DETROIT -- Chrysler Group has started to dole out assignments for its fourth-quarter ad work now in review and has tapped independent Richards Group, Dallas, to handle the Dodge Ram brand.
The automaker still hasn't decided the winners for fourth-quarter work for its Chrysler 300 sedan and Chrysler Town & Country minivan, nor the Dodge brand's Journey and Charger, according to three executives close to the matter.
The Jeep brand was not part of the pitch. Chrysler's longtime multicultural agency, GlobalHue of suburban Detroit, was given the general assignment for the Jeep work several weeks ahead of the presentations last week.
Omnicom Group's BBDO Detroit, also of suburban Detroit, is the incumbent on Chrysler and created a TV spot for the Chrysler 300 sedan that broke over the weekend in select markets that introduced a new theme, "Connect."
But BBDO was given that assignment before the review and the spot was run partly to use airtime that was already purchased, two other executives close to the matter said.
Other contenders for the fourth-quarter assignments that presented last week include Publicis Groupe's Publicis & Hal Riney, San Francisco; sibling Fallon, Minneapolis; Omnicom's Cutwater, San Francisco; and MDC Partners' Crispin Porter & Bogusky, Miami. WPP's Grey, New York, was forced to withdraw from the pitch before the Sept. 22 presentations by Ford Motor Co., a major global client of WPP.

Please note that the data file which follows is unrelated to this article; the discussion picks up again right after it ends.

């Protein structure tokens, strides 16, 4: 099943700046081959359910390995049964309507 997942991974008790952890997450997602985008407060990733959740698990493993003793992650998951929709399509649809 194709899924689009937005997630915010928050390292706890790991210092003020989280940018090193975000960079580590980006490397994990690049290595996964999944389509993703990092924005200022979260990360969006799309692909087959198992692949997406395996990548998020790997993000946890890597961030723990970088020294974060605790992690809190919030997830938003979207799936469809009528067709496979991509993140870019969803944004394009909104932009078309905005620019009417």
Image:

Officials from the agencies declined comment, referring questions to Chrysler, but a Chrysler spokeswoman said she was unable to comment on any matters related to the review.
Richards' last car account was Hyundai Motor America, which it handled for five years until the automaker called a review in early 2007 for the national creative account.
Richards opted not to defend, but still had the regional dealer account until Hyundai disbanded those groups that year. Ironically, Hyundai's review came just weeks after the arrival of Joel Ewanick as the car company's new vice president of marketing from Richards, which had helped the automaker significantly boost sales and market share.
Since exiting from Chapter 11 bankruptcy in June, Chrysler now is 55 percent owned by the UAW's medical benefits trust and 20 percent owned by Italy's Fiat, which can increase its stake to 35 percent if certain milestones are met and all U.S. taxpayer loans are repaid. The U.S. Treasury and the Canadian government hold the smaller remaining equity stakes.
Chrysler Group's new-vehicle U.S. sales plunged 39 percent through August to 653,319 units, according to Automotive News. The automaker will report September sales Thursday. Experts predict sales for the month will fall -- possibly to the worst monthly performance all year because of comparisons with Uncle Sam's successful cash for clunkers program in August.